Neil P. Ruzic
Former Member of the National Space Society Board of Governors
The late Neil Ruzic was the founder and publisher of several worldwide scientific magazines, including Industrial Research and Oceanology International, as well as the author of over 250 articles and 10 books. Several of these books serve as bridges between various science disciplines and laymen, including The Case For Going To The Moon and Where the Winds Sleep (a future history of the colonization of the Moon for science). He also wrote books for teenagers to interest them in following scientific careers. His novel, The Shallow Sea, was set on the island in the Bahamas that he developed as a center for mariculture, wind and solar energy, and drugs from the sea research.
Mr. Ruzic made several inventions, and held the first U.S. patent for a device to be used on the Moon, a lunar cryostat. He originated the R&D 100 annual awards program, the “Nobel Prize” for applied physical research scientists and engineers.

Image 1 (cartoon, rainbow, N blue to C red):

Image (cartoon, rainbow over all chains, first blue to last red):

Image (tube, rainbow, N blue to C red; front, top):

Neil Ruzic was an instrument-rated private pilot, tournament chess player, member of the Explorers’ Club, and a director of the Lymphoma Research Foundation of America. He also established the Ruzic Research Foundation Inc., a nonprofit corporation to catalyze and help fund research in the fields of cancer and other sciences. Ruzic succumbed to lymphoma in 2004.